November 26, 2005

All of Peer Review

Larry "All of Statistics/All of Nonparametric Statistics" Wasserman has just started a weblog, The Academic Curmudgeon. By my count, this brings the number of faculty blogs in the department to three (and the proportion to about 0.09); none of our students seem to have any. Larry's second post is about peer review.

Here is a summary of common reasons for rejecting papers:
    Good Reasons For Rejecting a Paper:
  1. The results are incorrect (unfixable, critical errors).
  2. The results are not new.
    Bad Reasons For Rejecting a Paper:
  1. The referee doesn't like the paper.
  2. The referee doesn't like the author's approach.
  1. The contribution of the paper is too small.

Numbers 3 and 4 are bad because they are based on the taste of the referee which is far too subjective. Number 5 is problematic. True, we don't necessarily want top journals publishing every small idea that occurs to someone. The problem is this: almost all research, including good research, is incremental. The idea that most papers in top journals are breakthough papers is fantasy. What is too incremental to publish is highly subjective.

I think the basic problem is that most referees have the wrong view of the purpose of publishing. Ideally, publishing is about disseminating knowledge. It should not be regarded as admittance to a high and mighty priesthood.

I am going to use Larry's post as an excuse to ruminate about peer review, partly because I spent yesterday whittling down the stack of manuscripts I'd agreed, in weak moments, to review, and partly because I think Larry might be unhappy with my refereeing. Maybe he gets to see a better class of manuscript than I do (I wouldn't be surprised), but it seems to me that his list of good reasons to reject a paper is seriously incomplete.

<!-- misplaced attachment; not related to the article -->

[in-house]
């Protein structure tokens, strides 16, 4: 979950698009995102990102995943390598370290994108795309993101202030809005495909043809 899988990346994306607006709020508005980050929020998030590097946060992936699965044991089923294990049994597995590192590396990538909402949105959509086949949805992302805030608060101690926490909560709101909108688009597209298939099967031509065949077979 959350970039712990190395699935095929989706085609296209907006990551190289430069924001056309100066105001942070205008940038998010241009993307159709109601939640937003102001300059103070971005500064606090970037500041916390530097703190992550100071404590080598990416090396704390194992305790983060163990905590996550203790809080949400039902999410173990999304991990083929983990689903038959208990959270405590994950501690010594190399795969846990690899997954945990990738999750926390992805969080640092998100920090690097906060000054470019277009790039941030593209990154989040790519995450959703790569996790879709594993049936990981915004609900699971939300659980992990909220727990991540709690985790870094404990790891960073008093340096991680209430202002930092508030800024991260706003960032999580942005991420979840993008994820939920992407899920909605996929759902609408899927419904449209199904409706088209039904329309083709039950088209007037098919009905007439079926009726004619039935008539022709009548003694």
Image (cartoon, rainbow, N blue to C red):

1. The paper is so ill-written that it is not comprehensible with reasonable effort. (This is distinct from bad English, where I generally respond with a long list of corrections.)
  2. The paper is comprehensible, but so vague that one cannot tell what was actually done.
  3. One can tell what was done, but none of it amounts to a result — the experiments are inconclusive at best, the simulations wander aimlessly, the math is mere algebraic noodling.
  4. There are results alright, but they're all old ones with a new set of labels attached to the variables. (Algorithmic information theory and the logistic map are favorite targets for this treatment.)
  5. There are new results, but they belong in a different journal. (Physical Review keeps sending me papers that are, as far as I can tell, perfectly decent and straightforward ventures into population dynamics, and I keep telling the authors that there are journals like Theoretical Population Biology and the Journal of Theoretical Biology...)